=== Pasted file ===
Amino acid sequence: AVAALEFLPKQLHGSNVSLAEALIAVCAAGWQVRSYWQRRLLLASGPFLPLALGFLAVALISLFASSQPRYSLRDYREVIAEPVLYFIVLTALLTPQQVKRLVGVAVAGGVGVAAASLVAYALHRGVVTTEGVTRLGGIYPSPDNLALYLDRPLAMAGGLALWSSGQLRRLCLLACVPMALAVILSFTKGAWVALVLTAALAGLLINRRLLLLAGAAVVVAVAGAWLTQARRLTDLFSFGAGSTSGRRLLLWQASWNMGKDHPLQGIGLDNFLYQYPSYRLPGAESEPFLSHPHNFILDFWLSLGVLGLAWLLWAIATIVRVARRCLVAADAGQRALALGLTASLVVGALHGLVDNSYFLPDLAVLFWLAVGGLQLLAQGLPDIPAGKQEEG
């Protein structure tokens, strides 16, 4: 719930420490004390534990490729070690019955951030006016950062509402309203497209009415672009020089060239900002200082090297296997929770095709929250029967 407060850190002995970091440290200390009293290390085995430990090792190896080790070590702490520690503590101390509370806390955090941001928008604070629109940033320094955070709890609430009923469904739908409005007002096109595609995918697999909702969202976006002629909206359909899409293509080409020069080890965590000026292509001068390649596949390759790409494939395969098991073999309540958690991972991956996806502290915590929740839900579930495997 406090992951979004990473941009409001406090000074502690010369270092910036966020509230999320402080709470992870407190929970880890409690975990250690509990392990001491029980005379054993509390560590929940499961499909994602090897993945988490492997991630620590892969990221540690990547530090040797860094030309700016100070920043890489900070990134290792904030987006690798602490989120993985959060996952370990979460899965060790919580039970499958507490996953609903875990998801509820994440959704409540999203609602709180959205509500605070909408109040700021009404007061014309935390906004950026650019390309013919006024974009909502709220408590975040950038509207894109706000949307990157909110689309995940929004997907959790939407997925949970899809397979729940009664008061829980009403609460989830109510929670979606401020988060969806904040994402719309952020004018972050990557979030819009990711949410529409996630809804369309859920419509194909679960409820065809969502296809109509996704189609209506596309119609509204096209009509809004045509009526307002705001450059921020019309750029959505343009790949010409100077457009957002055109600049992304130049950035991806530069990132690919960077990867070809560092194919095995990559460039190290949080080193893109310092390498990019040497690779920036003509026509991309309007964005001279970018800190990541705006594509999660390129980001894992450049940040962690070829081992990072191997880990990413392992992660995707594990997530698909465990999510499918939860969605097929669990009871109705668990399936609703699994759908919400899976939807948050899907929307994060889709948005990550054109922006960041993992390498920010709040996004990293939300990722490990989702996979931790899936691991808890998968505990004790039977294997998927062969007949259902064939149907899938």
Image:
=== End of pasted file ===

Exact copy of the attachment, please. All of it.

Amino acid sequence: AVAALEFLPKQLHGSNVSLAEALIAVCAAGWQVRSYWQRRLLLASGPFLPLALGFLAVALISLFASSQPRYSLRDYREVIAEPVLYFIVLTALLTPQQVKRLVGVAVAGGVGVAAASLVAYALHRGVVTTEGVTRLGGIYPSPDNLALYLDRPLAMAGGLALWSSGQLRRLCLLACVPMALAVILSFTKGAWVALVLTAALAGLLINRRLLLLAGAAVVVAVAGAWLTQARRLTDLFSFGAGSTSGRRLLLWQASWNMGKDHPLQGIGLDNFLYQYPSYRLPGAESEPFLSHPHNFILDFWLSLGVLGLAWLLWAIATIVRVARRCLVAADAGQRALALGLTASLVVGALHGLVDNSYFLPDLAVLFWLAVGGLQLLAQGLPDIPAGKQEEG
């Protein structure tokens, strides 16, 4: 719930420490004390534990490729070690019955951030006016950062509402309203497209009415672009020089060239900002200082090297296997929770095709929250029967 407060850190002995970091440290200390009293290390085995430990090792190896080790070590702490520690503590101390509370806390955090941001928008604070629109940033320094955070709890609430009923469904739908409005007002096109595609995918697999909702969202976006002629909206359909899409293509080409020069080890965590000026292509001068390649596949390759790409494939395969098991073999309540958690991972991956996806502290915590929740839900579930495997 406090992951979004990473941009409001406090000074502690010369270092910036966020509230999320402080709470992870407190929970880890409690975990250690509990392990001491029980005379054993509390560590929940499961499909994602090897993945988490492997991630620590892969990221540690990547530090040797860094030309700016100070920043890489900070990134290792904030987006690798602490989120993985959060996952370990979460899965060790919580039970499958507490996953609903875990998801509820994440959704409540999203609602709180959205509500605070909408109040700021009404007061014309935390906004950026650019390309013919006024974009909502709220408590975040950038509207894109706000949307990157909110689309995940929004997907959790939407997925949970899809397979729940009664008061829980009403609460989830109510929670979606401020988060969806904040994402719309952020004018972050990557979030819009990711949410529409996630809804369309859920419509194909679960409820065809969502296809109509996704189609209506596309119609509204096209009509809004045509009526307002705001450059921020019309750029959505343009790949010409100077457009957002055109600049992304130049950035991806530069990132690919960077990867070809560092194919095995990559460039190290949080080193893109310092390498990019040497690779920036003509026509991309309007964005001279970018800190990541705006594509999660390129980001894992450049940040962690070829081992990072191997880990990413392992992660995707594990997530698909465990999510499918939860969605097929669990009871109705668990399936609703699994759908919400899976939807948050899907929307994060889709948005990550054109922006960041993992390498920010709040996004990293939300990722490990989702996979931790899936691991808890998968505990004790039977294997998927062969007949259902064939149907899938």
Image: